It wasn’t to be as a 0-0 draw and results elsewhere not going our way condemned us to League Two and meant Josh’s spell at the club ended in disappointing fashion for all. That summer he moved to the aforementioned Carlisle on a free transfer as his contract had expired.

After a number of seasons playing League One football, he played for a few non-league clubs. Then in December 2018, he signed for Hereford, a phoenix club formed in 2014 following the dissolution of Hereford United. Looking at their kit, he obviously likes red and black stripes!

In January 2020, when manager Russell Slade left, he was appointed their interim manager, a position that remains interim whilst the football world is on hold. They currently play in the National League North, which is the sixth tier of football in England.

Interview Part 1

=== SIGNING ===

You came to the club via a trial spell after time in Denmark. Did you have other trials lined up or were you banking on us at that time?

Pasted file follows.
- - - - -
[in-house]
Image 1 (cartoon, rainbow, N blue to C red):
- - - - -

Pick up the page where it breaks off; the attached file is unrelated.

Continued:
“No this was my only option, I knew Richard O’Kelly, he was my youth coach at West Brom, so I reached out to him and he got me in.

How much did you know about the club before you signed? Were you aware of its history of financial problems?

“I knew a little bit about the club obviously from Rich but didn’t know the financial difficulties that the club had been in.


You always seemed quite an elegant defender. Did you model your play on someone in particular or try to take inspiration from a selection of players?

“The one player I probably looked at most as a child was Maldini, the way he played the game was something I’d never seen before and I wanted to have the grace that he did.

Which centre back do you think you played best alongside at the club?

“Hmmm I played with quite a few, I think me and Jason Pearce had a pretty good partnership. I also liked playing with Broady (Karl Broadhurst) because he had the experience to talk me through the game and I had the legs to do all his running hahahha.

Steve Claridge said that when he was at the club, you applied yourself really well in training. Did you enjoy training or was it purely commitment to improving that made you work so hard at that side of things?